cover image Brushed Aside: The Untold Story of Women in Art

Brushed Aside: The Untold Story of Women in Art

Noah Charney. Rowman & Littlefield, $45 (232p) ISBN 978-153-817099-1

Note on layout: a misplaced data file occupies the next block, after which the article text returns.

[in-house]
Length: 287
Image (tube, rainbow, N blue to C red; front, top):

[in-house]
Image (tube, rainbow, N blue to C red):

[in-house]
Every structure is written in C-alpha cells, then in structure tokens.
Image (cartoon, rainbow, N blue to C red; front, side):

In this breezy and illuminating survey, art historian Charney (The Devil in the Gallery) spotlights female artists, patrons, curators, influencers, critics, scholars, models, and muses who shaped the art world. He notes that women are thought to have created 75% of cave handprints, making them some of “the very oldest painters in history,” while Catharina van Hemessen (1528–1565) was the first person to paint a self-portrait of an artist at work. Louise Jopling (1843–1933), the first woman admitted to the Royal Society of British Artists, was “as important a political figure as she was a painter” and campaigned for women’s right to vote; sculptor Augusta Savage (1892–1962) established in 1932 New York City the first art studio helmed by a “prominent artist” that enrolled Black students. Meanwhile, untrained artist and mother-of-five Janet Sobel (1893–1968) pioneered drip painting—preceding Jackson Pollock’s use of the method—though she was often overlooked by art critics who derisively cast her as a “Brooklyn housewife.” While some entries are rather cursory (art collector Peggy Guggenheim, for instance, occupies only one page), those seeking an accessible introduction to women’s art history will be pleased by Charney’s lucid prose and faithful renderings of these often-overlooked figures both as artists and as unique, distinctive personalities. It’s worth checking out. (Oct.)